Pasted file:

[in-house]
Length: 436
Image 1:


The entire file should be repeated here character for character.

[in-house]
Length: 436
Image 1: